# Surface Tensors

1. Jan 4, 2008

### eep

I'm reading through Pauli's "Theory of Relativity", which has a discussion of tensors in the mathematical tools section of the book.

When introducing surface tensors, he states

"Such tensors can be obtained by considering two vectors $x$, $y$ which together span a two-dimensional parallelepiped. Its projections parallel to the axes on to the six two-dimensional coordinate planes, measure in units of the six parallelepipeds of the base vectors $e_i$, are given by

$$\xi^{ik} = x^iy^k - x^ky^i$$

..."

First, since we're dealing with 4-dimensional spacetime, I'm asuuming the six two-dimensional coordinate planes would be the xy,xz,xt,yz,yt,and zt planes. Is this right?

More importantly, I don't understand what the $\xi^{ik}$ represent, can someone explain it to me in a geometrical sense?

2. Jan 6, 2008

### haushofer

Well, it looks to me that this is just a cross-product put into an antisymmetric tensor. Normally one expresses the crossproduct as

$$\xi^{i} = \epsilon_{ijk}x^{j}y^{k}$$

What your tensor is is just a generalization of this without the summation, so you obtain a second order tensor instead of a vector:
$$\xi^{ij} = x^{i} \wedge y^{j}$$
So what in the first case we called $$\xi^{3}$$ is now $$\xi^{12}$$. And, not surprisingly, this $$\xi^{3}$$ is perpendicular to the surface described by $$\xi^{12}$$.

In n dimensions $$\xi^{ij}$$ has n(n-1)/2 independent entries, which in this case is indeed 6. So in short: in the one case you choose to represent an area by a vector which is perpendicular to that area ( the crossproduct in 3 dimensions ). In the other case you choose to represent it by a rank two tensor.

3. Jan 6, 2008

### HallsofIvy

Staff Emeritus
To see what they represent, think about finding the "vector differential of area" of a surface in three dimensions. If we have a surface given by z= f(x,y), then we can use x and y as parameters and write the "position vector" of the surface as $\vec{r}(x,y)= x\vec{i}+ y\vec{j}+ f(x,y)\vec{k}$. Differentiating with respect to x and then y gives the tangent vectors in the x and y directions: $\vec{r}_x= \vec{i}+ f_x \vec{k}$ and $\vec{r}_y= \vec{j}+ f_y\vec{k}$. Their cross product gives a vector perpendicular to the surface whose length is the "differential of area":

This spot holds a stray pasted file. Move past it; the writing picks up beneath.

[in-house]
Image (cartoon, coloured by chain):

$$\left|\begin{array} {ccc}\vec{i} & \vec{j} & \vec{k} \\0 & 1 & f_y\\ 1 & 0 & f_x \end{array}\right|= f_x\vec{i}+ f_y\vec{j}- \vec{k}$$
The cross product is only defined in 3 dimensions. In higher dimensions, you need to use the generalization (with the "alternating" tensor $\epsilon_{ijk}$ as haushofer said). Actually, using the alternating tensor in 3 dimensions give a 3 by 3 "anti-symmetric" tensor: having 0s on the diagonal, the three values, given above, above the diagonal and their negatives below. That would be the $\xi^{ik} = x^iy^k - x^ky^i$ you have.

4. Jan 6, 2008

### eep

Thanks, really cleared everything up for me

5. Jan 7, 2008

### OrderOfThings

What is... a bivector?

Start with the plane and pick an origin. From two vectors $\mathbf{u}$ and $\mathbf{v}$ we can form a parallelogram which we will denote by $/\mathbf{u},\mathbf{v}/$. (Let the parallelogram have an orientation, and denote this by $-/\mathbf{u},\mathbf{v}/ = /\mathbf{v},\mathbf{u}/$.)

We will now investigate the equivalence classes of parallelograms with the same oriented area. Having not mentioned a metric or other machinery to measure area, the first question to settle is if it is actually possible to form such equivalence classes. To see that this is indeed possible, take two parallelograms $/\mathbf{u},\mathbf{v}/$ and $/\mathbf{w},\mathbf{z}/$ and split the two vectors of the first parallelogram in components of the vectors of the second parallelogram:

$$\begin{array}{l}\mathbf{u} = u_1\mathbf{w}+u_2\mathbf{z} \\ \mathbf{v} = v_1\mathbf{w}+v_2\mathbf{z}\end{array}$$

Then the two have parallelograms have the same area if

$$u_1v_2-u_2v_1=1$$.

The equivalence class of such parallelograms is called a bivector and is denoted $\mathbf{u}\wedge\mathbf{v}$. The set of bivectors in the plane is a one-dimensional vector space. Having picked one bivector $\mathbf{u}\wedge\mathbf{v}$ (generated by two vectors $\mathbf{u}$ and $\mathbf{v}$) to be a basis, any other bivector can be written

$$a\,\mathbf{u}\wedge\mathbf{v}$$

for some number $a$.

Moving up one dimension, a bivector in three dimensions is the equivalence class of parallelograms with the same area and lying in the same plane. Two bivectors $\mathbf{u}\wedge\mathbf{v}$ and $\mathbf{w}\wedge\mathbf{z}$ - not necessarily in the same plane - can be added together to produce a new bivector. First, pick new representative parallelograms $/\mathbf{a},\mathbf{b}/$ and $/\mathbf{c},\mathbf{b}/$ of the bivectors sharing a common vector $\mathbf{b}$. (This means that $\mathbf{b}$ lies in the intersection line of the bivector planes.) Then add the two other vectors together $\mathbf{d}=\mathbf{a}+\mathbf{c}$. The resulting bivector is $\mathbf{d}\wedge\mathbf{b}$.

The set of bivectors in 3-space is a three-dimensional vector space. Given a vector basis $\mathbf{e}_x,\mathbf{e}_y,\mathbf{e}_z$, this also generates a bivector basis:

$$\mathbf{e}_y\wedge\mathbf{e}_z,\;\mathbf{e}_z\wedge\mathbf{e}_x,\;\mathbf{e}_x\wedge\mathbf{e}_y$$.

Any bivector, let's call it $\mathbf{\xi}$, splits into

$$\mathbf{\xi} = \xi_{yz}\,\mathbf{e}_y\wedge\mathbf{e}_z+\xi_{zx}\,\mathbf{e}_z\wedge\mathbf{e}_x+\xi_{xy}\,\mathbf{e}_x\wedge\mathbf{e}_y$$.